|The third excerpt represents the element of Water. It speaks of pure spiritual influences and feelings of love, and is drawn from The Voyage of the Beagle by Charles Darwin:
pepper-vine, the latter intwining round its trunk, and
supporting itself by the prickles on its stem; the soap-tree;
the castor-oil plant; trunks of the sago palm; and various kinds
of seeds unknown to the Malays settled on the islands.
These are all supposed to have been driven by the N. W.
monsoon to the coast of New Holland, and thence to these
islands by the S. E. trade-wind. Large masses of Java teak
and Yellow wood have also been found, besides immense
trees of red and white cedar, and the blue gumwood of New
Holland, in a perfectly sound condition. All the hardy seeds,
such as creepers, retain their germinating power, but the
The Voyage of the Beagle
|The fourth excerpt represents the element of Earth. It speaks of physical influences and the impact of the unseen on the visible world, and is drawn from Story of an African Farm by Olive Schreiner:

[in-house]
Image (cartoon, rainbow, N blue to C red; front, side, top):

just to be looking back too, and we looked right into each other's faces;
and he got red, and I got so red. I believe he is the new man."
"Yes," said Waldo.
"I must go now. Perhaps he has brought us letters from the post from
Lyndall. You know she can't stay at school much longer, she must come back
soon. And the new man will have to stay with us till his house is built.
I must get his room ready. Good-bye!"
She tripped off again, and Waldo carved on at his post. Doss lay with his
nose close to the covered saucer, and smelt that some one had made nice
little fat cakes that afternoon. Both were so intent on their occupation
that not till a horse's hoofs beat beside them in the sand did they look up